(iii) Taste & Texture

Almond butter has a slightly sweet, nutty flavour, while peanut butter is creamier and has a more intense nuttiness. The texture of almond butter is a bit grainier than that of peanut butter, which is smoother and spreads more easily. However, the texture of both can vary depending on the brand and whether it’s a natural or processed product.

A Quick Comparison: Almond Butter Vs Peanut Butter

CategoryAlmond ButterPeanut Butter
Calories98 calories per tablespoon (16g)94 calories per tablespoon (16g)
Protein3.4 grams per tablespoon3.6 grams per tablespoon
Fat9 grams per tablespoon (1g saturated fat)8 grams per tablespoon (1.7g saturated fat)
Carbohydrates3 grams per tablespoon (1.6g fibre, 0.7g sugar)4 grams per tablespoon (0.8g fibre, 1.4g sugar)
Vitamins and MineralsHigh in vitamin E, magnesium, and calciumHigh in niacin, folate, and manganese
AllergensTree nut allergenPeanut allergen
TasteMild, slightly sweet and nuttyCreamy, slightly sweet and nutty
PriceGenerally more expensiveGenerally less expensive
AvailabilityWidely available, but less common than peanut butterWidely available and popular
Health BenefitsHeart-healthy fats, antioxidants, and fibreHeart-healthy fats, protein, and fibre

Summarising the Table Above

Both almond butter and peanut butter are nutritious options, but they differ in terms of specific nutrients, taste, and price. Almond butter has a slightly higher fat content and is particularly rich in vitamin E, magnesium, and calcium. Peanut butter, on the other hand, has slightly more protein and is a good source of niacin, folate, and manganese.

1. Calories, Protein, Fat, and Carbohydrates: 1

2. Vitamins and Minerals: 2

3. Health Benefits: 3

4. Allergens: 4

Sustainability and Environmental Impact: Almond & Peanut Butter

Almond & Peanut Butter
Source: Canva

When considering environmental impact, almond butter production may raise concerns due to the high water usage required for almond cultivation. Almonds are grown primarily in California, where water scarcity is a significant issue. 

In fact, almond farming relies heavily on honeybees for pollination, which has led to concerns about honeybee health and the decline in their populations.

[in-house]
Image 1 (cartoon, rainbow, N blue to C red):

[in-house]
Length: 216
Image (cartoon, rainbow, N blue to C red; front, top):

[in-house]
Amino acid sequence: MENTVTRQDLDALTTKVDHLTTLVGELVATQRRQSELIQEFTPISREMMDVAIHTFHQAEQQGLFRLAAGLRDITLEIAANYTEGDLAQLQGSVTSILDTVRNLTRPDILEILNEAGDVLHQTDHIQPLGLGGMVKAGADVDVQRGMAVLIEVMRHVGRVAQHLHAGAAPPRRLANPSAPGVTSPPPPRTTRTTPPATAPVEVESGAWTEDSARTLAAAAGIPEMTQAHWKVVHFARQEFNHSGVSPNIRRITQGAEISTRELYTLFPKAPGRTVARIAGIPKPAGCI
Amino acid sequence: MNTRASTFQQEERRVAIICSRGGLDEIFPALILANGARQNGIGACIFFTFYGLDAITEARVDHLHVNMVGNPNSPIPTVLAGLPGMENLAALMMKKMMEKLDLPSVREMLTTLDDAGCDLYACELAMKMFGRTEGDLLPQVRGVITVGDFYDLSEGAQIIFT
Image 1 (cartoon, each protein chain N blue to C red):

On the other hand, peanuts require less water to grow and are less reliant on pollinators, making peanut butter production a more sustainable option. However, it is essential to consider factors like pesticide use and farming practices when evaluating the environmental impact of both almond and peanut butter.

Allergies and Sensitivities

Allergies and Sensitivities with These Butters
Source: Canva

Peanut allergies are more common than almond allergies, affecting approximately 1% of the population. Peanut allergies can be severe and even life-threatening. If you or someone in your household has a peanut allergy, almond butter is a safer alternative.

Although almond allergies are less common, they still pose a risk for some individuals. If you are allergic to almonds or have a tree nut allergy, peanut butter is a more suitable choice.

Almond Butter vs. Peanut Butter: Which One Should You Choose?

Almond Butter vs. Peanut Butter
Source: Canva

When choosing between almond butter and peanut butter, individual preferences, dietary needs, and any allergies should be taken into account. Here’s a detailed breakdown of which individuals might prefer one over the other:

1. Allergies

Some people have peanut allergies, while others have tree nut allergies (including almonds). If you’re allergic to peanuts, choose almond butter. If you’re allergic to almonds, choose peanut butter. If you’re allergic to both, you might consider alternative options like sunflower seed butter or tahini (made from sesame seeds).